Stock futures rise on Europe deal; S&P set for gain

By Angela Moon

S&P 500 futures rose 27 points and were far above fair value, a formula that evaluates pricing by taking into account interest rates, dividends and time to expiration on the contract. The S&P futures indicated a rise of 2.4 percent at the open.

Dow Jones industrial average futures soared 202 points, and Nasdaq 100 futures jumped 48.5 points.

European shares advanced 3.3 percent to hit a 12-week high after the Europe deal, led by banking shares.

"The market likes what it hears and believes it is enough to 'hold the line' against contagion," said Clem Chambers, chief executive of London-based financial information website

"There remains much to do, but at least the market believes enough in the prospects of recovery to treat the situation as 'business as usual.'"

Also on investors' agenda will be third-quarter U.S. gross domestic product, coming at 8:30 a.m. EDT. A Reuters survey of economists forecast a 2.5 percent annual pace of growth, compared with a 1.3 percent annual rate in the second quarter.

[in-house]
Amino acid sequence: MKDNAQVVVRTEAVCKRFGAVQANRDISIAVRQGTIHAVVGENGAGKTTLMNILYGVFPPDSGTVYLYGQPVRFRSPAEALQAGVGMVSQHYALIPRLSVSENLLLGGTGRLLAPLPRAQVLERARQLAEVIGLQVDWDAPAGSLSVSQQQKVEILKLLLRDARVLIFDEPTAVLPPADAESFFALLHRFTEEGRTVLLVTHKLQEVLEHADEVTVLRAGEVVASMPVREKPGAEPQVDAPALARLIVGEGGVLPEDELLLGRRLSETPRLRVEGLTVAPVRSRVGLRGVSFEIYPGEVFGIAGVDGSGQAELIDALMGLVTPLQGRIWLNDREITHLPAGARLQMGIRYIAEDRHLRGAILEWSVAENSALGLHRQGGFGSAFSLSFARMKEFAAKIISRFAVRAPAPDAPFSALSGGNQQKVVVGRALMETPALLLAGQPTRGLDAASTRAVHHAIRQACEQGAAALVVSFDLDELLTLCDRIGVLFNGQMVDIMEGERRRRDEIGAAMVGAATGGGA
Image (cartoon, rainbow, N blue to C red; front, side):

Other macroeconomic data coming Thursday include weekly jobless claims and the Chicago Fed Midwest Manufacturing Index for September also at 8:30 a.m. EDT.

September U.S. pending home sales come at 10 a.m. EDT (1400 GMT) and are seen rising 0.1 percent from a fall of 1.2 percent in the previous reading.

In an early report, Exxon Mobil Corp <XOM.N> said profit rose 41 percent in the third quarter, helped by gains in crude oil prices and higher refining margins.

Dow Chemical Co <DOW.N> narrowly missed quarterly profit expectations as cost increases dented demand in Europe and North America. The stock was up 4.1 percent at $28.00.

In corporate news, Research in Motion Ltd <RIM.TO> <RIMM.O> has been sued by BlackBerry users in the United States and Canada for service outages that hit devices earlier this month.

American International Group Inc <AIG.N> plans to sell about half its stake in AIA Group Ltd <1299.HK>, the Asian life insurer it took public last year, the Wall Street Journal reported, citing sources.

(Reporting by Angela Moon; editing by Jeffrey Benkoe)